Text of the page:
The specs that have really taken off and gotten wide acceptance have largely been defacto, non-W3C blessed specs, like SAX, RSS, SOAP, etc.  It's time for us to move on and start getting more work done with real standards based on the real world.

SOAP | Web Services | Work | XML
Friday, 09 July 2004 10:35:44 (Pacific Daylight Time, UTC-07:00)  #    Disclaimer  |  Comments [0]  | 
# Thursday, 25 September 2003

Clemens Vasters posted a great article on what’s really behind a Service Oriented Architecture from the implementation standpoint.  He makes some very astute points about why schemas are important for expressing service contracts, and what the implications of SOA are on implementing scalable solutions.  Having wrestled a bit with this myself, I agree with his conclusion that old-school OOD is not the way to approach this particular problem.  Also, with regards to the stateful vs. stateless issue, I really like his take:

Ruling out that state is implicitly shared between services (in memory or on disk) is a direct consequence from this and also serves the scalability purpose, because it further eliminates co-location assumptions about services and enables clustering. Note that this isn’t about “stateless” or “stateful”. Everything is stateful while it runs.

Thursday, 25 September 2003 13:25:27 (Pacific Daylight Time, UTC-07:00)  #    Disclaimer  |  Comments [0]  | 
# Wednesday, 27 August 2003

Werner Vogels posted a great article on what Web Services are and aren’t, and why they represent Service Oriented Architecture, and not a Distributed Object Architecture.  Don’t let the name SOAP fool you.

Wednesday, 27 August 2003 16:01:35 (Pacific Daylight Time, UTC-07:00)  #    Disclaimer  |  Comments [0]  | 
# Friday, 18 July 2003

It’s hard to tell how much of this is an unfinished documentation issue, but in the WSE 2 Tech Preview, there doesn’t seem to be any easy way to do encryption using symmetric keys.  The sample code in the documentation is that same as in WSE1, and it doesn’t compile any more, since the version of the EncryptedData constructor that takes an EncryptionKey is obsoleted.  Now you have to pass a SecurityToken, but there isn’t one for symmetric keys.  This seems like a pretty straightforward thing to want to do, so I don’t really want to write a custom binary token to do it.  There are some hints in the documentation that there is a plan for a symmetric key token (or maybe I just haven’t figured it out yet).   Right now this is a total pain, since I have a bunch of existing WSE1 code that uses symmetric keys.  If nothing better happens by the time WSE 2 is released, I may have to write a custom binary token anyway.  It’s nice that they’ve put in so much work to make Kerberos and X509 easy, but since my client is an embedded device, those aren’t really viable choices.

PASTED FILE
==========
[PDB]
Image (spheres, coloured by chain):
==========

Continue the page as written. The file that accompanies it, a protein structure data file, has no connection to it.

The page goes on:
Friday, 18 July 2003 14:03:25 (Pacific Daylight Time, UTC-07:00)  #    Disclaimer  |  Comments [0]  | 
# Tuesday, 15 July 2003

I know this is a bit after the fact, but I’ve had time to reflect.  Steve gave a very interesting talk on the feasibility of using SOAP/Web Services with embedded devices, which in his case was a printer.  I’m currently also working on an embedded Web Services project, so I was really interested in what Steve had to say.  His conclusion was that although there are some issues to be overcome, it is in fact feasible to use Web Services with an embedded device.  In the work I’ve done so far, I’d have to agree. 

The really interesting part for me what that the challenges Steve talked about with his printer were completely different ones from the challenges I’m facing talking to transformer monitors.   It sounded like the biggest hassle with using WS on the printer was dealing with large binary files as attachments (since it was actually a 3D printer, and 3D models can be very large).  There are several different ways of dealing with attachments to SOAP, and they all have their challenges. 

Our biggest challenge, on the other hand, is that since our monitors are meant to work over the WAN, we can’t assume connectivity to them all the time, which you probably can in a printer.  Also, it sounded like using Java on the printer wasn’t too big a problem, while we are working with straight C++ in a very constrained environment, for which there are many fewer tools available.

The short answer then to “is it feasible” is of course, “it depends”.  It worked for Steve.  So far it’s working for me.  I’ll keep my fingers crossed.